How to get great design with desktop publishing
With the right hardware, software, and editorial vision, even small magazines can get good results
One of the best ways to capture the attention of readers without spending a lot of money is to create a publication that looks radically different from the rest-and desktop publishing technology can help you achieve that goal. Designers can create unique layouts that would not be cost effective using conventional methods. Moreover, the simplicity of the process allows a one-person design department to bring the magazine from concept to ready-to-print film. With the right approach, almost any small publication could operate like this.
The right computer system is essential. I have always been an advocate of Apple Macintosh products because of their user friendliness and their adaptability to publishing applications. Prices on systems have dropped considerably, and you can probably acquire all the hardware you need for a high-quality magazine for about $10,000.
For starters, you'll need a CPU with at least 24 megabytes of RAM (preferably more) and a hard drive with at least 200K. A larger-than-standard color monitor (around 20 inches) would be helpful, especially for viewing magazine layouts and spreads at full size. I would also recommend buying a good-quality flatbed scanner capable of scanning at 600 dpi.
You can save an enormous amount of money scanning your own black-and-white images, and you can probably get away with doing smaller full-color images with this system.
The only other components you'll need for your in-house system are a laser printer for outputting proofs and some type of transport/storage system for moving large files to your service bureau for final outputting. A SyQuest drive and 44 or 88 megabyte disks work fairly well for this purpose and well probably remain the standard until the price of read/write optical drives comes down.
The next area to concentrate on is software.you should be able to handle almost all of your design needs with three basic types of programs. First, you'll need a design layout program like QuarkXPress or Aldus PageMaker. Using them, you will be able to build your publication, set type, specify colors, drop in photos, and manage a host of other important functions.
Next, you'll need software to manage your photos. In this category, Adobe Photoshop seems to have the market cornered. An image can be scanned and brought into Photoshop, where any number of adjustments can be made, including changing contrast, altering colors, making separations, and even removing flaws. There are also a number of special-effect filters that allow you to change the original photo dramatically. Photoshop files are easily adaptable to other graphics programs and can be quickly brought into a layout program and placed picture boxes. Finally, it would be an advantage to have a program like Adobe Illustrator or Aldus FreeHand for creating special marks, icons, or graphics.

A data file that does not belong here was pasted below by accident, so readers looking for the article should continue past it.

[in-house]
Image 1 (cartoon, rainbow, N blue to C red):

Finding a service bureau
Another important facet of design and production is finding the right service bureau. The bureau serves as an intermediary between your design department and your printer, often acting as a troubleshooter, catching problems before press time. Service bureaus provide a number of basic services - most important, the outputting or imagesetting of layout files to film negatives or RC paper. Most service bureaus have high-end, specialized equipment that would be far too costly for publishers to have in-house.
The service bureau is also where you go for high-quality color scans. These ultra-crisp scans can take up very large amounts of memory and are slow and difficult to work with. Many service bureaus will offer to store these files and give you low-resolution replacement files to work with.
Putting it all together
Even more important than hardware, software, and service bureau is, of course, the designer. You can have all the equipment in the world, but it's not much good unless your designer has a clear understanding of your editorial vision. The most successfully designed magazines effortlessly fuse editorial and visual elements into a unified whole. I've seen too many examples of computer-generated layouts with text pushing the limits of readability. There's a fine line between cutting-edge and overstated design.
Finally, for the smallest publishers (one- or two-person operations), computer layout skills can eliminate the need for a separate designer - thereby dramatically reducing costs. Generally, software for desktop publishing is fairly easy to learn, and definitely not to be feared. You can pick up a class or two at a local community college for a few dollars and then experiment until you gain confidence. In some cases, your software retailer may offer free instruction on the use of these graphic design packages.
Whether you decide to do it yourself or work with a professional designer, desktop design is definitely the way to go if you want to save money without sacrificing quality.
Robert Sentinery is the founder and publisher of Zone and serves as a consultant for independent publishing projects.